Johnson & Johnson’s single-dose vaccine fully protects against hospitalization and death with COVID-19 approximately one month after administration. This is also true for countries where mutant variants of the coronavirus are common. J&J Chief Scientist Paul Stoffels said this, commenting on the publication of primary data from phase III clinical trials in the New England Journal of Medicine.
According to him, the results of a study involving 44,325 volunteers (including 14,672 over 60 years old) are the same for different races, ethnicities, ages, locations and comorbidities.
The vaccine is 85% effective against severe and critical illness (67% protection against moderate to severe 14 days after vaccination, and 66% protection against such a course 28 days after vaccination).
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According to the authors, the effectiveness began to be monitored one week after the injection for severe and critical illness, and two weeks after vaccination – also for moderate and severe.
Reactogenicity (reaction to the shot) was higher with the vaccine compared to the placebo shot, but these reactions were usually mild to moderate and resolved quickly.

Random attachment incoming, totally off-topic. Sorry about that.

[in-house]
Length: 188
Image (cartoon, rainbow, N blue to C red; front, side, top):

In South Africa, dominated by a strain that partially escapes immunity to the original corona strain, vaccine efficacy was maintained at 64% against moderate, severe and critical illness, and 81.7% against severe and critical on 28 days after vaccination.
Vaccine efficacy also persisted in participants from Brazil (with another mutant strain common there): 68.1% against moderate, severe and critical cases, and 87.6% against severe and critical cases.
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In the United States, there have been 6 reported cases of blood clots with low platelet counts in people who received the J&J vaccine. out of more than 7,900,000 doses administered.
A multinational, randomized, double-blind, placebo-controlled clinical trial involving persons aged 18 years and older is being conducted in eight countries on three continents. 44% of participants are from the USA, 41% are Argentina, Brazil, Chile, Colombia, Mexico, Peru, 15% – South Africa. Among the participants, 59% are white / Caucasian, 45% are Hispanics and related groups, 19% are black / African American, 9% are South American and Alaska / American Indian, and 3% are Asian.
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In total, 41% of the participants had comorbidities associated with an increased risk of developing severe / critical COVID-19. Obesity – 28.5%, type II diabetes – 7.3%, hypertension – 10.3%, HIV – 2.8%.
This vaccine remains stable for two years at –20 ° C and for a maximum of three months at 2–8 ° C. It cannot be re-frozen if kept at 2-8 ° C.